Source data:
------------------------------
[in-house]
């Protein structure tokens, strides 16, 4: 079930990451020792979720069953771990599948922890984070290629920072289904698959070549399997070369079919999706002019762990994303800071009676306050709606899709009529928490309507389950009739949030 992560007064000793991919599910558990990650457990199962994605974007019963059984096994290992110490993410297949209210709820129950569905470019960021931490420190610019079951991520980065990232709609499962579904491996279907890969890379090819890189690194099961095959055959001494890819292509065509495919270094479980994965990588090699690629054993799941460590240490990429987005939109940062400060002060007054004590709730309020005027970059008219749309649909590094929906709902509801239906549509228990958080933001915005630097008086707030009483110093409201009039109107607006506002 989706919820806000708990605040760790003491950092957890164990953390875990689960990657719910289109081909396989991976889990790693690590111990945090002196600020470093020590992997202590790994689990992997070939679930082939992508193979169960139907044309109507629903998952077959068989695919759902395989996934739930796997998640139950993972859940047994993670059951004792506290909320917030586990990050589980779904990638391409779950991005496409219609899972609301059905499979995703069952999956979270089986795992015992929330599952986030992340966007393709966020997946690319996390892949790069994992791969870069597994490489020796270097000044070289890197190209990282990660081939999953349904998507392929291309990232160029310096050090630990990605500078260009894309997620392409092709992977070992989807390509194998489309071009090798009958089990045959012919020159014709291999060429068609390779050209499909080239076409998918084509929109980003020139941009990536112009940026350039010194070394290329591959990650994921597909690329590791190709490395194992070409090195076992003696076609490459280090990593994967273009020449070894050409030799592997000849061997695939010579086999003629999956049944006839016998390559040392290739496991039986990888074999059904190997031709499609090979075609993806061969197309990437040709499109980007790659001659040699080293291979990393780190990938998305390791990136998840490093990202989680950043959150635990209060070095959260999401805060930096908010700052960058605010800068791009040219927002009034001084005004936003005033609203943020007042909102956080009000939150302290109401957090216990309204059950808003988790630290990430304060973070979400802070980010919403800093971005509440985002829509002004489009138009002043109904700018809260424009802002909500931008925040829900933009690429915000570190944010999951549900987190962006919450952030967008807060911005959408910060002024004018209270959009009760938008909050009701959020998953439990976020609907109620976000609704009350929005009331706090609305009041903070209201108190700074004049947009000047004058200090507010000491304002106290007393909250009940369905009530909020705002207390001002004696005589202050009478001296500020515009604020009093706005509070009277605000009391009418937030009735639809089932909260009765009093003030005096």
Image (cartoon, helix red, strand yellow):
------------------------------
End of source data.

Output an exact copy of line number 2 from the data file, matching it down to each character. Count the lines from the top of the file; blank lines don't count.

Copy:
């Protein structure tokens, strides 16, 4: 079930990451020792979720069953771990599948922890984070290629920072289904698959070549399997070369079919999706002019762990994303800071009676306050709606899709009529928490309507389950009739949030 992560007064000793991919599910558990990650457990199962994605974007019963059984096994290992110490993410297949209210709820129950569905470019960021931490420190610019079951991520980065990232709609499962579904491996279907890969890379090819890189690194099961095959055959001494890819292509065509495919270094479980994965990588090699690629054993799941460590240490990429987005939109940062400060002060007054004590709730309020005027970059008219749309649909590094929906709902509801239906549509228990958080933001915005630097008086707030009483110093409201009039109107607006506002 989706919820806000708990605040760790003491950092957890164990953390875990689960990657719910289109081909396989991976889990790693690590111990945090002196600020470093020590992997202590790994689990992997070939679930082939992508193979169960139907044309109507629903998952077959068989695919759902395989996934739930796997998640139950993972859940047994993670059951004792506290909320917030586990990050589980779904990638391409779950991005496409219609899972609301059905499979995703069952999956979270089986795992015992929330599952986030992340966007393709966020997946690319996390892949790069994992791969870069597994490489020796270097000044070289890197190209990282990660081939999953349904998507392929291309990232160029310096050090630990990605500078260009894309997620392409092709992977070992989807390509194998489309071009090798009958089990045959012919020159014709291999060429068609390779050209499909080239076409998918084509929109980003020139941009990536112009940026350039010194070394290329591959990650994921597909690329590791190709490395194992070409090195076992003696076609490459280090990593994967273009020449070894050409030799592997000849061997695939010579086999003629999956049944006839016998390559040392290739496991039986990888074999059904190997031709499609090979075609993806061969197309990437040709499109980007790659001659040699080293291979990393780190990938998305390791990136998840490093990202989680950043959150635990209060070095959260999401805060930096908010700052960058605010800068791009040219927002009034001084005004936003005033609203943020007042909102956080009000939150302290109401957090216990309204059950808003988790630290990430304060973070979400802070980010919403800093971005509440985002829509002004489009138009002043109904700018809260424009802002909500931008925040829900933009690429915000570190944010999951549900987190962006919450952030967008807060911005959408910060002024004018209270959009009760938008909050009701959020998953439990976020609907109620976000609704009350929005009331706090609305009041903070209201108190700074004049947009000047004058200090507010000491304002106290007393909250009940369905009530909020705002207390001002004696005589202050009478001296500020515009604020009093706005509070009277605000009391009418937030009735639809089932909260009765009093003030005096």